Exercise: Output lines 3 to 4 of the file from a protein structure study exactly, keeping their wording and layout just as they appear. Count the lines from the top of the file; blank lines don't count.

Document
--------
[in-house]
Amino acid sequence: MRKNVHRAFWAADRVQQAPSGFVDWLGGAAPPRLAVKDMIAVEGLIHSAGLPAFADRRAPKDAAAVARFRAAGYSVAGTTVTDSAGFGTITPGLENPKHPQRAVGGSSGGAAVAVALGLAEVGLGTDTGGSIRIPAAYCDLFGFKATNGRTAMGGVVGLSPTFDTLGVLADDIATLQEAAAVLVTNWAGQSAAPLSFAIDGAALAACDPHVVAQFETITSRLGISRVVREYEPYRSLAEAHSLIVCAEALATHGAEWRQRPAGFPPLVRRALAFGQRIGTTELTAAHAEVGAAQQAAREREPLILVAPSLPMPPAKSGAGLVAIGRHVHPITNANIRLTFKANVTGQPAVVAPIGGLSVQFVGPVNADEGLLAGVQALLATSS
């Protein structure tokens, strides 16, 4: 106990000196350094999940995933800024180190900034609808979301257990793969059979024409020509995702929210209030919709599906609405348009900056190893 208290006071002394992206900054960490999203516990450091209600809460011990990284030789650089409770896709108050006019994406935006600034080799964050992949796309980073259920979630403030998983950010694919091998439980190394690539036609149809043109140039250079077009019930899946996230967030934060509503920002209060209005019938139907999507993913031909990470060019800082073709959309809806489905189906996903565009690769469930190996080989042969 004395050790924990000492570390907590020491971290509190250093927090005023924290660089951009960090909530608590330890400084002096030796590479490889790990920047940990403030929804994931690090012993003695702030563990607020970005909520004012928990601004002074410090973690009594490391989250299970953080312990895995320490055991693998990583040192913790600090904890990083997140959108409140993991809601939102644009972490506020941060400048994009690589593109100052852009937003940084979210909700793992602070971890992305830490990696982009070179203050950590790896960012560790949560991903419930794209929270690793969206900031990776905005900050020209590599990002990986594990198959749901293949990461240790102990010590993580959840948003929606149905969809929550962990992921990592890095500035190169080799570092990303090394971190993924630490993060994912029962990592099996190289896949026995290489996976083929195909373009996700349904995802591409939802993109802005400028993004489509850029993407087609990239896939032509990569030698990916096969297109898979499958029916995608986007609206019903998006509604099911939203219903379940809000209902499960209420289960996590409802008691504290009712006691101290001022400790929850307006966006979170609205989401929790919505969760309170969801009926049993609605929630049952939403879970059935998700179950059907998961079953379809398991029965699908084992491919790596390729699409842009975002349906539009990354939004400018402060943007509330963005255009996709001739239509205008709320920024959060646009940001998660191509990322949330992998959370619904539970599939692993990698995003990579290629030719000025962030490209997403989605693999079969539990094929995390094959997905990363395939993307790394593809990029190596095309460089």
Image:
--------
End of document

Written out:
């Protein structure tokens, strides 16, 4: 106990000196350094999940995933800024180190900034609808979301257990793969059979024409020509995702929210209030919709599906609405348009900056190893 208290006071002394992206900054960490999203516990450091209600809460011990990284030789650089409770896709108050006019994406935006600034080799964050992949796309980073259920979630403030998983950010694919091998439980190394690539036609149809043109140039250079077009019930899946996230967030934060509503920002209060209005019938139907999507993913031909990470060019800082073709959309809806489905189906996903565009690769469930190996080989042969 004395050790924990000492570390907590020491971290509190250093927090005023924290660089951009960090909530608590330890400084002096030796590479490889790990920047940990403030929804994931690090012993003695702030563990607020970005909520004012928990601004002074410090973690009594490391989250299970953080312990895995320490055991693998990583040192913790600090904890990083997140959108409140993991809601939102644009972490506020941060400048994009690589593109100052852009937003940084979210909700793992602070971890992305830490990696982009070179203050950590790896960012560790949560991903419930794209929270690793969206900031990776905005900050020209590599990002990986594990198959749901293949990461240790102990010590993580959840948003929606149905969809929550962990992921990592890095500035190169080799570092990303090394971190993924630490993060994912029962990592099996190289896949026995290489996976083929195909373009996700349904995802591409939802993109802005400028993004489509850029993407087609990239896939032509990569030698990916096969297109898979499958029916995608986007609206019903998006509604099911939203219903379940809000209902499960209420289960996590409802008691504290009712006691101290001022400790929850307006966006979170609205989401929790919505969760309170969801009926049993609605929630049952939403879970059935998700179950059907998961079953379809398991029965699908084992491919790596390729699409842009975002349906539009990354939004400018402060943007509330963005255009996709001739239509205008709320920024959060646009940001998660191509990322949330992998959370619904539970599939692993990698995003990579290629030719000025962030490209997403989605693999079969539990094929995390094959997905990363395939993307790394593809990029190596095309460089």
Image: